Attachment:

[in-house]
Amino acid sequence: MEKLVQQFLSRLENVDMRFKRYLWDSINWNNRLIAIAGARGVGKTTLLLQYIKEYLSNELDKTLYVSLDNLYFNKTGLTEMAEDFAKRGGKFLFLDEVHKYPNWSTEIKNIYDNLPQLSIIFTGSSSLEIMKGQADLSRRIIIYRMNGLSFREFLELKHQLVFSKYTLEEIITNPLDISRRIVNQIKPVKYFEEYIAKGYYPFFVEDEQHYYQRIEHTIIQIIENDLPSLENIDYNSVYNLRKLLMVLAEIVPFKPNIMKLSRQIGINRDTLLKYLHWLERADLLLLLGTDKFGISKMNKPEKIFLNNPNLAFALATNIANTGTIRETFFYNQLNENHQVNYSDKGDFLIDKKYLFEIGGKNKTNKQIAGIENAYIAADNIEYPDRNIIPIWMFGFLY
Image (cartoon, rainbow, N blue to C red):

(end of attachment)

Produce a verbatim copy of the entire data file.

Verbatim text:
[in-house]
Amino acid sequence: MEKLVQQFLSRLENVDMRFKRYLWDSINWNNRLIAIAGARGVGKTTLLLQYIKEYLSNELDKTLYVSLDNLYFNKTGLTEMAEDFAKRGGKFLFLDEVHKYPNWSTEIKNIYDNLPQLSIIFTGSSSLEIMKGQADLSRRIIIYRMNGLSFREFLELKHQLVFSKYTLEEIITNPLDISRRIVNQIKPVKYFEEYIAKGYYPFFVEDEQHYYQRIEHTIIQIIENDLPSLENIDYNSVYNLRKLLMVLAEIVPFKPNIMKLSRQIGINRDTLLKYLHWLERADLLLLLGTDKFGISKMNKPEKIFLNNPNLAFALATNIANTGTIRETFFYNQLNENHQVNYSDKGDFLIDKKYLFEIGGKNKTNKQIAGIENAYIAADNIEYPDRNIIPIWMFGFLY
Image (cartoon, rainbow, N blue to C red):